Tuesday, April 08, 2008

Democracy in America

Photo/Yi Zhao


Forget Obama and Hillary -- I want Annie Dorsen answering that phone at 3 in the morning. Proving that it takes a bit of a dictator to successfully run a democracy, Dorsen (who deftly directed Passing Strange) has taken a million (well, okay, 130) disparate voices and melting-potted them into a cool, excitingly unpredictable bit of theater. It's more performance art than theater, but only subjectively -- see Erika M.'s $100 purchase of "Two iconic images from Abu Ghraib enlarged to poster size, one of them captioned 'This is theater,' the other captioned 'This is not theater,' visible throughout the piece." As with the Neo-Futurist's Too Much Light Makes the Baby Go Blind, this is sense born -- sometimes forcefully -- out of nonsense, and pure piece of profit, to boot.

The show starts off simply enough, with the three game actors -- Okwui Okpokwasili, Anthony Torn, and Philippa Kaye (and David Neubert, who doesn't appear, but bought a "starring" credit for $100) -- lip-syncing purchased text. There's the political ("Rudy Giuliani?!? He didn't fucking rise to the occasion. (pause) Events stooped . . . literally . . . to his level."), the critical ("Judd Apatow's film Knocked Up is the perfect representation of the complicated inner life of a Modern Woman"), absurdly commercial ("Limited quantities no other coupon instant savings tax staples reserves the right offer non transferable"), and artsy ("I was at a motel by I-80, waiting for my girl to get out of shower when I saw the velvet landscape over the bed, and . . ."), all of which I quote because it is so American. But while such lines continue through the night (including some personal lines -- "Seth Lane, Kyle loves you!"), the show slowly builds from a soundscape into a work of art. The loose interpretations of consumer demands inevitably lead toward comic shortcuts ("Okwui 20 stories high, Tony in her basement" is cleverly done with a shadowy projection), as do straightforward presentations under certain circumstances (Daniel S.'s $5 "rim job" is given to a dinosaur during a $15 conversation "about a toy dinosaur with the first line 'I have a confession to make . . . I'm sexually attracted to you, Dino'").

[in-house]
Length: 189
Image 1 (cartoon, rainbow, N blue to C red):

Of course, the problem with Democracy in America is that it's slick, clever, and commercial, and absolutely nothing else, which is sort of a statement about the sort of theater that gets produced when money is creativity's bottom line. It's ADD as entertainment, and for all the fiercely directed moments, such as a high-stakes game of Russian roulette (pantomimed with a single, ominous bullet), there are plenty of moments -- "One performer on top of the others, with the text 'Ilan Bachrach is a sex god'" that have no room to maneuver, whether they're done with puppets or not. The element of surprise -- "A one minute scene lit entirely by the glow of audience cell phones" -- is wasted on a scene without any meaning, and the constant shifts in theme prevent the show from building to anything beyond the sarcastically delivered finale: "Buy NASCAR in America."

I support the idea of Democracy in America, but ultimately, it fails to represent America. Only the left-wing half is adequately covered (perhaps right-wingers, having already bought major news outlets, see theater as a state they can afford to skip in the general election). As such, there's little dialog provoked by all the views -- all of which skew to the comic, save for a brief quote from Oliver Wendell Holmes -- and the show serves as little more than a self-indulgent in-joke. A funny, quite funny in-joke, at times . . . and perhaps that's enough of a reason, coupled with Annie Dorsen's direction, to see it.

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